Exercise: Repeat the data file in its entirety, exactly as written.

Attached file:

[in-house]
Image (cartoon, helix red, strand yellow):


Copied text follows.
[in-house]
Image (cartoon, helix red, strand yellow):